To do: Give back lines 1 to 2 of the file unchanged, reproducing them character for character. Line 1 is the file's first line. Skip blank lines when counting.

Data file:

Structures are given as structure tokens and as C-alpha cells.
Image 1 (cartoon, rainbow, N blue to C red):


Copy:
Structures are given as structure tokens and as C-alpha cells.
Image 1 (cartoon, rainbow, N blue to C red):